Roman Catholic Diocese of Senigallia
|Diocese of Senigallia
Cathedral of Senigallia
|Area||580 km2 (220 sq mi)|
|(as of 2010)
|Cathedral||Basilica Cattedrale di S. Pietro Apostolo|
|Emeritus Bishops||Odo Fusi Pecci|
The Diocese of Senigallia (Latin: Dioecesis Senogalliensis) is a Roman Catholic ecclesiastical territory in the Marche, Italy. It has existed since the sixth century. It is a suffragan of the archdiocese of Ancona-Osimo.
The patron saint of Senigallia is St. Paulinus, whose body is preserved in the cathedral (as is attested for the first time in 1397). He is, therefore, not identical with Paulinus of Nola, nor is it known to what epoch he belongs. The first bishop of certain date was Venantius (502).
About 562 the bishop was St. Bonifacius, who at the time of the Lombard invasion was martyred by the Arians. Under Bishop Sigismundus (c. 590) the relics of St. Gaudentius, Bishop of Rimini and martyr, were transported to Senigallia.
Other bishops of the diocese are:
- Robertus and Theodosius (1057), friends of Peter Damianus;
- Jacopo (1232-1270), who rebuilt the cathedral which had been destroyed in 1264 by the Saracen troops of Manfred of Sicily;
- Francesco Mellini (1428), an Augustinian, who died at Rome, suffocated by the crowd at a consistory of Pope Eugenius IV.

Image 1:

Under Bishop Antonio Colombella (1438), an Augustinian, Sigismondo Pandolfo Malatesta, lord of Senigallia and Rimini, angered by his resistance to the destruction of certain houses, caused the cathedral and the episcopal palace to be demolished. The precious materials were transported to Rimini and were used in the construction of S. Francesco (tempio Malatestiano). Under Bishop Marco Vigerio Della Rovere (1513) the new cathedral was begun in 1540; it was consecrated in 1595 by Pietro Ridolfi (1591), a learned writer.
Other bishops were:
- Cardinal Antonio Barberini, a Capuchin brother of Pope Urban VIII;
- Cardinal Nicola Guidi di Bagno (1657-1659)
- Cardinal Domenico Poracciani (1714);
- Annibale della Genga (1816), who afterwards became Pope Leo XII.
- Cardinal Fabrizio Sceberras Testaferrata (1818-1843)